The Value of a Team

I am self-employed, but does that mean I am perfect and complete on my own? Is “me” all I need?

This has come up often lately as I plan on how to achieve my goals. It’s obvious now that I can reach my goals way faster by working with others that have similar goals.

I’ve recently contacted a husband-wife couple that operates a graphic-focused web firm here in Las Vegas. They’ve been doing it for over 10 years. She manages the clients and he does the design work. But they need someone technically minded to handle server setup and other web tasks. Linda, the wife, had contacted me through my job Raster Media. We were off-loading an old client that Linda is now managing. I don’t know the details, but that much I do know. So she asked if I do any work on the side. I said no. I’m not really interested in doing side jobs when I have such a great day job. But I am interested in working together to get Small Presence going (to free myself up more for other more important things).

It just so happens that I am a good match for Linda and her husband. We are going to meet next Monday to discuss the opportunity to form a team. I am hoping they will be able to take my ideal for Small Presence and develop it into a real business with real income so that I can continue to develop it further.

This is great news for me. I am eager to get moving forward on some of the necessary steps for Small Presence. I love my current job, but I want more out of my life than to work it away. A team structure is so much more powerful than any one person.

The Consensus is Wrong

There seems to be an overall feeling of independence in young entrepreneurs. But that isn’t needed nor is it really beneficial. Sure you are freed of many things, but do not separate yourself into a corner.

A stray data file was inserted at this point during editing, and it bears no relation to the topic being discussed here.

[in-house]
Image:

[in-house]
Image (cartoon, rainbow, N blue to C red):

Ideas, money, free marketing, feedback, and so on are all valuable results of sharing with others; especially in a team environment. You may be the sharpest knife in the drawer, but you certainly aren’t the only utensil needed on the dinner table. You should use a team like a Swiss army knife. Let each member do what they do best so that you can compliment each other and benefit from the others’ strengths.

As mentioned above, I can program a database application better than Linda or her husband. But They have experience and hindsight that I don’t have. Working together will allow all of us to progress to the next stage in achieving our own goals. Much better than me floundering in accounting, marketing, and so on.

The Point

To quote¬† John D. Rockefeller, “I would rather earn 1% of a 100 people’s efforts than 100% of my own efforts.”

Author’s Notes (Dec 12, 2010)

This relationship did not go anywhere, but the principle still applies. Business is all about people and working alone will never be better than working together when it comes to measurable output.

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